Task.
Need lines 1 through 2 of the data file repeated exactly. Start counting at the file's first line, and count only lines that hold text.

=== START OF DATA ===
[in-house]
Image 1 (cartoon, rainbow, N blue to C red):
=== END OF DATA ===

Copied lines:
[in-house]
Image 1 (cartoon, rainbow, N blue to C red):